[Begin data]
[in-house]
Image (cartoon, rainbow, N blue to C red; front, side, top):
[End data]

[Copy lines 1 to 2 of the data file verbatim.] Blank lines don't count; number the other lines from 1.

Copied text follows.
[in-house]
Image (cartoon, rainbow, N blue to C red; front, side, top):